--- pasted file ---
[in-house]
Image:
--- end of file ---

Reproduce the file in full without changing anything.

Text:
[in-house]
Image: